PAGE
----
The First Draft

I remember the first time I finished “Nanowrimo.” My big moment, when I knew that I was going to complete my first novel-length project was when I was able to tell myself that I was only writing a first draft.

Loudly I proclaimed: “This is not my novel! It’s just a first of my draft! It’s not my novel!” A feeling of freedom set in. It was all right if something wasn’t the way I wanted it to be in the finished product, because it wasn’t the finished product. It was all right if I didn’t like that particular line of dialogue. It was all right if I knew that I was going to have to go back and change everything, because my original plotting ideas were not panning out.

Everything was all right, because what I was writing was not my novel.

It was the first draft of a novel!

There is no such thing as a novel that is written in one draft. Everything needs editing. And, when you give yourself permission to make mistakes and carry on, knowing that you’ll come back and clean up your literary mess later, writing feels a very different task. I realized that I was free to make mistakes. Not only that, but some of those mistakes I thought I made, turned out to yield wonderful things.

So, you’re going to re-write it. You can fix it later. Just keep writing.

If you wait until chapter 1 is perfect before you start writing chapter 2, chapter 2 will never get written.

I tend to speed through first drafts these days. If you read one of my first drafts, you’d find it hilarious, I think. They’re always full of lines like “And then I noticed the man I was talking to was actually a woman!” when I decided I had too many male characters and wanted to change a character’s gender. That’s just the way I write first drafts. It isn’t until the second draft that I start editing… anything really.

If you’re more meticulous than I am, and I’m sure most of you are, and think you might have difficulty letting yourself do this, here’s a tip: color code first drafts. If I know for a fact I’ve written something I need to go back and look at, I change the font color to red. If I’ve written something that I need to go back and research to make sure is right, I color it blue.

The color coding system is personal and best tailored to your own needs. Believe me, I know. But, if you find yourself having difficulty giving yourself permission to leave something you don’t like for the second draft, I find this very useful.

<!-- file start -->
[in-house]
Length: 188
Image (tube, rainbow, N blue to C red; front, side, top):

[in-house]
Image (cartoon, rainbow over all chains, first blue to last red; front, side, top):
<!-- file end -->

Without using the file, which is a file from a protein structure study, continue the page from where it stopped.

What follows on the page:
So many of my writer friends struggle with finishing long projects. They run out of steam or enthusiasm, become disenchanted, or run out of time.

But, I think once you get the first draft out, no matter how bad it is, it’s always easier to go back and edit. So remember:

You’re always allowed to be terrible on your first draft.

Happy Writing! Now, I’m back to my Camp Nanowrimo project!

I’ll write more about that when I’ve reached 50,000 words!

Fiction: A Different Dance

Originally Published on “Necrology Shorts.”

Her feet knew the steps and fell into the light and graceful pattern easily. Her little satin shoes carried her across the polished floor, their pink roses peering from under her pink and lavender skirts. They swam through the waves of music that broke across the spinning couples.

Still, her heart was even lighter than her steps. Everyone noticed her bright eyes and brilliant smile. Effervescent, her delight was contagious. The other couples smiled as she danced past, in the arms of a young man she didn’t seem to see.

The young girl’s partner believed that he understood the reason for her delight, but he was wrong.


The blow struck across his face. He tasted the metallic, copper flavor of blood as he hit the ground. He spat into the dirt floor and drug himself up onto his elbows. Fighting for breath, he worked to pull the dark room before him into focus.

He did not want to hurt the man in front of him. Leaping to his feet, he made a bolt for the door and the man lunged after him. He caught Michael around the legs, and together they fell against a rack of tools.